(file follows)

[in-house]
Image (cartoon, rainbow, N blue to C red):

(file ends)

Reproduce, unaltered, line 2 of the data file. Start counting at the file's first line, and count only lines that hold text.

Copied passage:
Image (cartoon, rainbow, N blue to C red):